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Firearms are now the most likely cause of death in children in America

Firearms are now the most likely cause of death in children in America

The discovery was made in a new study cited in The New England Journal of Medicine.

The most likely cause of death amongst children in America is firearm-related, a new study has said.

Researchers at the University of Michigan have looked at the leading causes of death for individuals in the US aged 1 to 19.

Via the study - titled 'Current Causes of Death in Children and Adolescents in the United States' - it was concluded that firearm-related deaths among children and adolescents increased by 29.5 percent from 2019 to 2020, which is believed to be the latest available data.

American children and teenagers are more likely to die due to firearms.

The previous analysis, which examined data through 2016, showed that firearm-related injuries were second only to motor vehicle crashes.

Drug overdose and poisoning also increased by 83.6 percent from 2019 to 2020, becoming the third leading cause of death in that age group.

Jason Goldstick, research associate professor of emergency medicine at Michigan Medicine and of health behaviour and health education at the U-M School of Public Health, said: "The increasing rates of firearm mortality are a longer-term trend and demonstrate that we continue to fail to protect our youngest population from a preventable cause of death.

"Recent investments in firearm injury prevention research by the CDC and National Institutes of Health, in addition to community violence prevention funding in the federal budget, are a step in the right direction.

"But this momentum must continue if we truly want to break this alarming trend."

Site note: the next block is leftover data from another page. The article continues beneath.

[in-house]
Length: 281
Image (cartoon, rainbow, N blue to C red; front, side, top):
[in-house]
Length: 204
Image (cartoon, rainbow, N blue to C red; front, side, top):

Firearm related injuries had increased by 29.5 percent from 2019 to 2020.

"Motor vehicle crashes were consistently the leading cause of death for children and adolescents by a fairly wide margin," said Patrick Carter, co-director of the institute and associate professor of emergency medicine and of health behaviour and health education.

"But by making vehicles and their drivers safer, these types of fatalities have drastically decreased over the past 20 years.

"Injury prevention science played a crucial role in reducing automobile deaths without taking cars off the road, and we have a real opportunity here to generate a similar impact for reducing firearm deaths through the application of rigorous injury prevention science."

A chart showing causes of deaths of children and adolescents.
The New England Journal of Medicine

"Firearm violence is one of the most critical challenges facing our society, and based on the latest federal data, this crisis is growing more and more intense," said Rebecca Cunningham, U-M vice president for research and the William G. Barsan Collegiate Professor of Emergency Medicine.

"As a nation, we turn to scientific evidence to prevent injuries and deaths, and firearms should be no different. Michigan has incredible expertise in this space, and we will continue to use our collective knowledge to create safer and more vibrant communities nationwide."

"Although the new data are consistent with other evidence that firearm violence has increased during the Covid-19 pandemic," the study also noted.

"The reasons for the increase are unclear, and it cannot be assumed that firearm-related mortality will later revert to pre-pandemic levels. 

"Regardless, the increasing firearm-related mortality reflects a longer-term trend and shows that we continue to fail to protect our youth from a preventable cause of death."

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Featured Image Credit: Shutterstock/Shutterstock

Topics: US News, Crime